Facebook has decided, based on the sites I visit and the things I like, that I should sign up to an assortment of marriage brokerage sites. Not dating sites, marriage sites. Big difference here. I get a lot of pop-ups for Shaadi.com. It’s the “world’s largest matrimonial service”. In addition to being a woman looking for man or a man looking for a woman, you can be a mother looking for a son-in-law or a father looking for a daughter-in-law. You can go looking in certain communities: Punjabi, Urdu, Bengali… Pick your religion. Pick your mother tongue. Pick your caste/sect. Shaadi.com is the one stop marriage shop.
Why am I talking about this, you may wonder? I’ve decided to ask my parents to arrange my marriage.
No, not really. But if it were socially acceptable for a white girl living in Vancouver to do so, I think I would.
It is often said that arranged marriages actually have a better chance at making it than “love” marriages. Why is that? I believe that, when two people enter an arranged marriage, that they have already made the decision to get married and stay married. In most cases, it’s what they’ve grown to accept their whole life. They trust that their parents will find the right person for them and, if they make the choice early on, the marriage often turns into a loving relationship.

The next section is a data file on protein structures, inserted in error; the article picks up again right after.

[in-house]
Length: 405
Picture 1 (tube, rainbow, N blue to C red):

So what about “love” matches. Honestly, I think a big part of the problem isn’t love. It is, as Greg Sczebel put it, the lack thereof. What most people equate to be love isn’t love at all but raging hormones and emotions that result in a whole lot of lust and when that fades away, they decide that they don’t “love” each other any more. All the shine and glitter is gone and they’re left with the harsh reality that the relationship was based on six pack abs and perky breasts (neither of which will last a lifetime).
Is there hope for love yet? Sure there is. Is there hope for a lasting marriage? Of course. But it always has and always will take two people making the decision to stick it out no matter how far south certain body parts may go.